Number Guesser - An oversight feedback

I think it would be best to warn the student that the human input value is stored as a string. If like me someone solves the exercise by using just a series of ifs with a strict operator in the compareGuesses function, some results won’t return true.
I had to go to game.js and change
const currentHumanGuess = parseInt(humanGuessInput.value);
Took me a lot of time to figure that out but hey, at least I finally learned how to use the browser’s Debugger feature. Yay for me.

That was not the prescribed approach. This problem is solvable without even knowing that file exists. We should definitely not be changing it, or even need to for our solution to work.

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I know that. But the point I’m trying to make is that with my approach it makes it impossible to work without knowing that the input is stored as a string and needs to be converted to int if a strict comparison is to be used. Even if the parsing is done inside the compareGuesses function and not on game.js, one needs to be aware that it will have to be done. Here’s my solution:

const compareGuesses = (humanNumber, computerNumber, secretNumber) => {
  if ((humanNumber === computerNumber) && (humanNumber === secretNumber)) {
    return true;
  } else if ((humanNumber === computerNumber) && (humanNumber !== secretNumber)) {
    return true;
  } else if (humanNumber === secretNumber) {
    return true;
  } else if ((humanNumber > secretNumber) && (humanNumber < computerNumber)) {
    return true;
  } else if ((humanNumber < secretNumber) && (humanNumber > computerNumber)) {
    return true;
  } else {
    return false;
  }
};

Sorry if I didn’t solve the way you guys wanted. I’m still learning and I’m trying my best. Different people with different skill levels will come up with different solutions. I don’t think it’s unreasonable to ask that others be at least warned of that.

3 Likes

We are permitted to expect perfect world scenarios when writing code for a lesson. That’s why the game.js module is there, to ensure it. We assume that our inputs will be accepted, but also have mental constraints on what those inputs will be. In other words, given valid inputs, the code will work as expected.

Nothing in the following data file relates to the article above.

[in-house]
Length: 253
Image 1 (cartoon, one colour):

We do not at this stage even need to understand the minutia or finer details, just accept that our code is getting the correct support, whatever that may entail.

Our own variations or derivations are actually not of much interest in this particular case, but better suited to general discussion on the ideas and themes one derives from the courses.

Bottom line, solve the problem as the SCT expects, and keep learning. Bookmark the lesson and come back when ready to flex one’s wings and explore in greater detail. Post one’s findings in the General forum to foster further discussion, but that is outside of the focused forum of the lessons, proper. Make sense?

1 Like

And it fails at that by not either:

  1. Storing the game.js’ currentHumanGuess variable value as an Integer
    or
  2. Warning the student in the script.js that the human parameter in the compareGuesses function is being stored as a string and needs parsing

That’s a technical flaw, you’re expecting the student to solve a problem he/she doesn’t and won’t even know it exists.

No, it doesn’t. I don’t even think we’re on the same page here. You’ve been giving me blanketed and vague answers. It makes me think you’re not even familiar with the exercise’s code and what I’m referring to; from the get-go you - consciously or not - have been trying to discredit my feedback by pointing out I edited game.js even though that’s not the point of my feedback.